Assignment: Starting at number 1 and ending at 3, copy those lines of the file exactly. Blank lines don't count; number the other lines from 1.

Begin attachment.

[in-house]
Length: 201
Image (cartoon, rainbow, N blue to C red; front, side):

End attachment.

[in-house]
Length: 201
Image (cartoon, rainbow, N blue to C red; front, side):